Oconee Bells: The Discoveries of “Perhaps the Most Interesting Plant in North America”
April 2017 Nature Notes contributed by
BRNN member Jenny Squires Wilker
“Rare and beautiful…The holy grail of plant collectors…Perhaps the most interesting plant in North American,” wrote Asa Gray (1820-1888), the founder of American academic botany, about his life-long obsession, Shortia galacifolia. Also called Oconee Bells, Acony Bells, or Little Coltsfoot, Shortia is a low-growing evergreen perennial, variously described as a dwarf shrub, herb, or ground cover. It is indeed a rare plant, and beautiful all year round, with shiny, scalloped basal leaves that turn from green to reddish-bronze in the winter. One of the loveliest, and most anticipated, spring wildflowers, Shortia’s small, solitary, and waxy flowers are bell-like, nodding on reddish scapes of up to seven inches long. The five fringed petals can be white or pinkish; the flat anthers within are creamy yellow; the long stigma, pink or yellow.
Shortia likes the cool, humid conditions of shady woods along stream banks, and it cohabits well with rhododendrons, mountain laurel, and mixed hardwoods. These habitats are not so rare, and transplanted specimens now do well in the Asheville Botanic Garden and North Carolina Arboretum, for example, as well as in many private locations. The original endemic populations, however, all occur at an elevation of around 1200 feet, and southeast of the eastern continental divide, where the borders of North Carolina, South Carolina, and Georgia meet in the Southern Blue Ridge Escarpment.
The discovery story of this beloved rare plant began In June 1787, when a French botanist named André Michaux (1746-1802) made his first trip into the Carolina mountains, determined to discover new plants. Accompanied by his teenage son, two Cherokee guides, and an interpreter, he headed north from Seneca on the Keowee River, or upper part of the Savannah River. On the third day of the trip, June 13, they turned away from the Keowee and proceeded up through the Jocassee Valley (in the lower Southern Blue Ridge Escarpment) along what is now known as the Whitewater River. In the nine miles traveled that day, Michaux found buffalo nut shrub, cucumber trees, and an abundance of mountain laurel and rosebay rhododendron. But his most important find in that stretch, without which we probably wouldn’t be talking about him at all, was Shortia galacifolia. Michaux doesn’t mention finding this plant anywhere in his journal, nor could he describe it scientifically, because it was not in bloom. Nor did he name it. But he did dig up, for later drying and mounting, two specimen plants, including their scapes, calyces, and fruits (capsules with tiny seeds).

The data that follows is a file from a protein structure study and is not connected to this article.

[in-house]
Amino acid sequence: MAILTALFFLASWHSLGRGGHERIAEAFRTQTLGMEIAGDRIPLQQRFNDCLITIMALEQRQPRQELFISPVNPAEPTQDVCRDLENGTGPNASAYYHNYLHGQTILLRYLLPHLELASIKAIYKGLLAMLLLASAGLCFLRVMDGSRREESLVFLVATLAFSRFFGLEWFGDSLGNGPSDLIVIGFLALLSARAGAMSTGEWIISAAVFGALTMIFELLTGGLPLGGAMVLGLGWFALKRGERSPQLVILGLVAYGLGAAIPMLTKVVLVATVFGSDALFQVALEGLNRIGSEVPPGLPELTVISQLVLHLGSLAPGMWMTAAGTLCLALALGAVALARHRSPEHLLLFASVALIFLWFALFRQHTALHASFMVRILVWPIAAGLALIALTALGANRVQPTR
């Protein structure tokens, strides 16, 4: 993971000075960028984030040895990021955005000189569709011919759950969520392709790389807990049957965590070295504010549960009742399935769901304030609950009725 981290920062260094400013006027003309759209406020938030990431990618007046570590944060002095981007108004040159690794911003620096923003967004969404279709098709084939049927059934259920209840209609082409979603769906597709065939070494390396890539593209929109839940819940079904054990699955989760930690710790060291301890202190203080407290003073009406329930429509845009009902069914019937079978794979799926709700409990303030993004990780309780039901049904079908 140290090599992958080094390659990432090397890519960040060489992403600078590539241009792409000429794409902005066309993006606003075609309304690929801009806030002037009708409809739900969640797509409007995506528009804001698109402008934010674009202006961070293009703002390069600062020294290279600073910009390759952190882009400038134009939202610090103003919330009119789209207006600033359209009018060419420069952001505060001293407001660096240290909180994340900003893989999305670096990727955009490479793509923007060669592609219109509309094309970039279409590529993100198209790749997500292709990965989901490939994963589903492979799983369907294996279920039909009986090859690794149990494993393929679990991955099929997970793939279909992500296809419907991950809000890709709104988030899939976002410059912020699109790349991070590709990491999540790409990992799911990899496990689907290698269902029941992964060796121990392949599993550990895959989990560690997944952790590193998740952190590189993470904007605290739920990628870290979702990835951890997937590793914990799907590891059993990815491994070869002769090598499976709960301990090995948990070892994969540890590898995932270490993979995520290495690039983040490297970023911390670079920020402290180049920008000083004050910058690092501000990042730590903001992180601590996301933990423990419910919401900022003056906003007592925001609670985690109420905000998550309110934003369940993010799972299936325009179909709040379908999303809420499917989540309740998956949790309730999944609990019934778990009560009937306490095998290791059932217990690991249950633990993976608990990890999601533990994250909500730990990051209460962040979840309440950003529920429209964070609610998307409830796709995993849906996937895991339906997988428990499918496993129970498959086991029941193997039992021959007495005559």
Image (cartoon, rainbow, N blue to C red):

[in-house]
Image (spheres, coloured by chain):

The rest of this first Carolina trip was decidedly adventurous: bushwhacking further up the escarpment, crossing wild rivers on mossy rocks, gathering strawberries in the Cashiers basin, climbing over several mountains near what is now Highlands, and at last finding a well-trodden Indian trading path back to Seneca. Michaux was disappointed by the trip, however, complaining that he encountered more thickets of smilax (or greenbriar) than anything else. What he didn’t realize was that the two specimen plants he dug up on June 13, 1787, were to provide the impetus for over two hundred years of botanical searching.
Michaux ventured again into the Southern Blue Ridge Escarpment mountains a year and a half later, climbing up along the Keowee and beyond through rain and ice storms in December 1788. From then on, all his other Carolina trips were to the north and east in the Blue Ridge mountains until he returned to Paris in 1797. There he handed over his entire collected herbarium of North American dried plants to the French national herbarium, and gave 500 duplicate collection sheets to his former teacher, the botanist Antoine-Laurent Jussieu. Thus, one of those two dried specimens of as the yet unnamed Shortia went to the national collection of France and the other specimen to Jussieu.
The second discovery of Shortia occurred 52 years later, when the young Asa Gray happened upon it while perusing the vast Michaux collections in the French herbarium. One day in April 1839, he opened the folder of “unidentified plants from Michaux Herbarium” and found a collection sheet with the very vague location “High Mountains of Carolina” and the tantalizing description “Pyrola species or new genus?” There was no date of collection indicated, but this sheet contained one of the two dried specimens collected on June 13, 1787.
The excited Gray claimed the right of discovery and named the plant, choosing the genus name Shortia for Dr. Charles Short, a Kentucky botanist, since the plant came from near Kentucky, with the species name galacifolia for its galax like leaves. He thought his friend could travel over to Carolina and find the plant the following summer. Dr. Short never made the trip nor saw the plant.